Sustainable water management should encompass current management of water resources as well as its potential effect on the future. Sustainable water management in oil and gas is a journey that will need approaches from many perspectives.
The United Nations Brundtland Commission defined sustainability as “meeting the needs of the present without compromising the ability of future generations to meet their own needs.” In the context of this definition, sustainable water management should encompass current management of water resources as well as its potential effect on the future. Sustainable water management in oil and gas is a journey that will need approaches from many perspectives.
The highlighted papers illustrate the different perspectives and accompanying complexities that can advance progression toward more-sustainable water management. The approaches are multifaceted in that they consider technological, environmental, economic, and social needs and responsibility. The papers include issues and challenges in reuse/recycling of produced water, new guidelines to standardize application of risk-based assessments to assess potential environmental impact from produced-water discharge, and a novel certification process for responsible water use.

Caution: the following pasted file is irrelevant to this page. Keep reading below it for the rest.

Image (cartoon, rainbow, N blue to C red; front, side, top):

A common thread found in these papers is the understanding driving criteria for current water practices, and measurement of these criteria will enable continual improvement. An example of this is the assessment of the water footprint for production activity in the Peruvian Amazon by Repsol in their journey toward their Blue certification. The assessment of the water footprint provided a benchmark for improvement, which, in turn, highlighted parameters to measure and key areas for mitigation.
This Month's Technical Papers
Recommended Additional Reading
SPE 199466 Removal of Residual Oil From Produced Water Using Magnetic Nanoparticles by Jared Theurer, University of Oklahoma, et al.
OTC 29791 First Development of Advanced Purification of Produced Water Technology at Greater Sirikit Oil Field by Dissolved Gas Flotation Technique by Nattapong Lertrojanachusit, PTTEP, et al.
SPE 200448 Managing Gas-Injection-Induced Excessive Water Production in Tight Oil Reservoirs by Optimizing Operational Constraints by Chi Zhang, Colorado School of Mines, et al.
||Rosa Swartwout, SPE, is a principal scientist at Baker Hughes. She is the current chair of the SPE Water Lifecycle and Strategy Technical Section and the Fluids Management group of the American Association of Drilling Engineers. Swartwout has more than 20 years of experience in topics related to drilling and completion fluids and holds BS and MS degrees in chemistry. Swartwout serves on the JPT Review Board and can be reached at email@example.com.|